SIOUX FALLS, S.D. (KELO) — The coronavirus pandemic has had major economic implications for many individuals and businesses around KELOLAND which also impacts their ability to give back to area nonprofits.
“How do I talk about fundraising, how do I ask you to invest in my mission right now, knowing that your world looks different too,” Maximizing Excellence, LLC Founder & CEO Cindy Peterson said.
Staff at Maximizing Excellence, LLC have been offering free webinars to local nonprofits throughout the pandemic to offer creative ways to serve their communities.
“How do we tell that story, how do we make sure people understand the impact and how do you invite others to invest even though times are maybe difficult or different,” Peterson said.
It’s a new venture for her company now celebrating its 10th anniversary in the Sioux Falls area.
“I spend the majority of my time working with nonprofits to help them ensure that they have the resources they need and can tell the story the right way to serve more people,” Peterson said.
Peterson says the pandemic has changed many non profits’ previously planned projects.
“From everything I’ve seen, capital campaign fundraising has halted,” Peterson said. “A facility can’t go and build a new one if they don’t have the resources to make sure that those who live there now are well taken care of.”
“Things have been delayed that maybe we would have otherwise been working on already; we did have a fundraiser that we just had to not do during this season,” Children’s Inn Operations Director Amy Carter said.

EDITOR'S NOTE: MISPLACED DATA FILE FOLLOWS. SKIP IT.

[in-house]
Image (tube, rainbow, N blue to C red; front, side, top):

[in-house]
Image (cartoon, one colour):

The Children’s Inn is one non profit that’s serving a growing group of people in KELOLAND.
“Those experiencing abuse really did escalate during the pandemic, so nonprofits like Children’s Inn became even more critical,” Carter said. “When everything else was closing, programs like the Children Inn remained open and made sure that we were here for those who needed us.”
It’s why the Children’s Inn hopes to move forward on plans for a new, larger facility that will help meet the growing need in Sioux Falls.
“Programs like Children’s Inn and other nonprofits in our community depend heavily on the community to support them because then we’re also supporting the communities who need us,” Carter said. “So even though yes financial times have been difficult for many people, there’s a lot of us who maybe haven’t been impacted financially so now is the time to give back to help those who maybe have been impacted by the pandemic quite a bit.”
Even though the pandemic has caused some delays in fundraising, Peterson believes many of these essential nonprofit projects will flourish in the future.
“The projects that have paused were loved, people were excited about them, they were happening because there was a need to meet and I think they will find their way back,” Peterson said.
Peterson says the nonprofit projects that will likely move forward first are those that meet some of the immediate needs the pandemic has brought on; other nonprofits could see some longer delays in any planned capital projects.